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Java Modules and New Features (Java 11+)

Java’s new release cycle introduces new features at a more rapid pace, requiring increased attention from users. This course provides in-depth coverage of the important new features through Java 11 LTS. It also provides an overview of useful new features in Java 12+ that are likely to appear in Java 17 (the next LTS release).

Technical coverage starts with the new Java Platform Module System (JPMS), which presents a fundamental shift in how applications are organized, and interconnected to the libraries they use. We introduce modules from the ground up, show how to use them, describe your choices in usage, as well as caveats and pitfalls. We also provide guidelines for migration from non-modular applications.

The course covers many other new and powerful features that will be useful to developers (see the detailed outline for specifics). The course also includes several extra optional labs and guided self-study exercises in these additional areas.

The course is very hands-on, including numerous code examples and programming labs that reinforce the concepts presented, so that attendees can immediately employ what they’ve learned in their current projects.

Course Objectives:

  • Understand the new Java release cycle and Long Term Support (LTS) releases
  • Be familiar with significant deprecated and removed features, and how to work around them
  • Create and use Java modules, understanding module descriptors, modular JARs, exports and dependencies, and the modulepath
  • Understand the structure and behavior of the modular JDK, how it supports modular applications as well as legacy classpath-based code, and the implications of strong encapsulation on each
  • Migrate classpath-based applications to Java 11, understanding the stages of migration and options available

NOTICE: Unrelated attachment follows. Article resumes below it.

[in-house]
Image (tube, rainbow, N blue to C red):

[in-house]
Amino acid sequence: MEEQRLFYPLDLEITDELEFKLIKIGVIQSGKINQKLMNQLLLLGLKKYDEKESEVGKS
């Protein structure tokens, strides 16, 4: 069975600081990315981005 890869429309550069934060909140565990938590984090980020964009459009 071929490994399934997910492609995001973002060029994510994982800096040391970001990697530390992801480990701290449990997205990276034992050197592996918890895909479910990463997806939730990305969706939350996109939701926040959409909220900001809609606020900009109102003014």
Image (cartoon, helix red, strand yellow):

• Recognize the issues with 3rd party libraries in a migration effort, and how to work with them on the modulepath and classpath
  • Use local-variable type inference with var, including lambda parameters
  • Gain a practical working knowledge of the JShell REPL tool, including working with code snippets and variables, configuration, and using external libraries
  • Use the HTTP Client to access HTTP resources from Java, as well as understand the other options available
  • Work with various HTTP request and response types, using both synchronous and asynchronous techniques
  • Outline the new factory methods in Java Collections and understand native immutable collections
  • Describe the motivation for multi-release JAR files (MR-JARs), understand their structure, and how to create them
  • Understand the runtime behavior of MR-JARs in both legacy and modern JVMs, and principles and strategies for working with them effectively
  • Outline the principles of Reactive Programming and how it differs from traditional synchronous invocation models
  • Describe Reactive Streams and the role of the Flow API that defines the Java platform’s support for them
  • Understand the characteristics and benefits of custom runtime images
  • Use jdeps to analyze application dependencies, and create custom runtimes with jlink, for both modular and classpath-based applications
  • Explore some of the more important additional features and APIs, including new features for interfaces, the Process API, new JDK tools and command line options

Course Outline: